Through that experience, I also met other veterans who had served with my father, and it helped him heal some old emotional wounds prior to his passing in 2017.
Do you think certain genres are more suited to ‘shorts’.
Overall, any genre can fit into the concept of short film. However, in recent years and with the growing popularity of episodic-based content, I think drama and comedy is a winning area. Short films, especially when it’s episodic, can allow the audience to get to know characters better. That within itself services comedy and drama, because getting to know characters and empathise with their circumstances is crucial. More crucial than horror, thriller, action and animation.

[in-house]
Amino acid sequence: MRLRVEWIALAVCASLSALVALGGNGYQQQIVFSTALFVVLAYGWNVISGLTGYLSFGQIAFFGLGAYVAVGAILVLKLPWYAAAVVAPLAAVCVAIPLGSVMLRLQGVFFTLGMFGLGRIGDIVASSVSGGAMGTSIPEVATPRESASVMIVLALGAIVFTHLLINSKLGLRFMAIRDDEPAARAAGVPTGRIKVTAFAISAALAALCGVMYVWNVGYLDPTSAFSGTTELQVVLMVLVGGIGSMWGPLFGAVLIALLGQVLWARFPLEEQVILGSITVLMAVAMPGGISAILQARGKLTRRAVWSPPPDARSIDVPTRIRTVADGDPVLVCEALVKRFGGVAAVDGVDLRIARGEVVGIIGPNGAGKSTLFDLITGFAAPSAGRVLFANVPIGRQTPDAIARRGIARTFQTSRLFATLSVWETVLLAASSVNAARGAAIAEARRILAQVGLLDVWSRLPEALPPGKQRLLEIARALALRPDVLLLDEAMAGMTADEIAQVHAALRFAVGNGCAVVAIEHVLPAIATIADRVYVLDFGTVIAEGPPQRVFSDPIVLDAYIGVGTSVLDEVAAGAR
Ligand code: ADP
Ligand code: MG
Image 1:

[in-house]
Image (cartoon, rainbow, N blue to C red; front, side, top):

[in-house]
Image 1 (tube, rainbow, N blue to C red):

I also think documentaries are well positioned for short films as stand-alones. They can be programmed in various ways as a short film. If the stories are short and to the point, it can help you keep people’s attention better and build social engagement.
What types of scripts interest you enough to take them further.
I am interested in character driven stories, more than gimmicks. I love character development, and conveying stories through character’s actions, rather tha dialog. I like movies with simple concepts and high levels of character development. I also like scripts with less production fuss. Limited locations, small cast, etc.
When you assemble a cast, are you looking for what the script indicates or what your gut feel tells you?